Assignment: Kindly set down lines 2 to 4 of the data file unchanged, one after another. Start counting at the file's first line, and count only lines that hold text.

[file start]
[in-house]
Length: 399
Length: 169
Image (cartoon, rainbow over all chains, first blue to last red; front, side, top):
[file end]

Length: 399
Length: 169
Image (cartoon, rainbow over all chains, first blue to last red; front, side, top):